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EU decision in Google's Android antitrust case expected in July

The years-long action may cost the search giant billions.

Margrethe Vestager, the EU's competition commissioner, could announce her decision in the antitrust case against Google's Android next month.
JOHN THYS/AFP/Getty Images

The European Commission may announce its decision in its antitrust action involving Google's Android software in July.

The European Union's competition commissioner, Margrethe Vestager, accused the search and mobile software giant of forcing phone makers to install its apps in return for access to Google's Play Store in 2016.

Sources close to the probe told Politico that an announcement might come next month, but warned that it might be delayed again.

"We believe that Google's behavior denies consumers a wider choice of mobile apps and services and stands in the way of innovation by other players, in breach of EU antitrust rules," Vestager said when the charges were announced.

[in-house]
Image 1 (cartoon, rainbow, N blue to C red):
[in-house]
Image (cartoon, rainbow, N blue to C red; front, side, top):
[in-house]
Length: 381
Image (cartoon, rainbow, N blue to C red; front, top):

The competition watchdog is expected to hit Google with a multibillion dollar fine, but it's unlikely to impact the company's dominance because its infrastructure -- particularly its search and map services -- are deeply embedded in the market.

The fine may be higher than the $2.7 billion antitrust fine the EU hit Google with last year, for favoring its own shopping ads over those of its competition. The company appealed that fine, and any ruling could take years.

Google didn't respond immediately to a request for comment, while the European Commission declined to comment.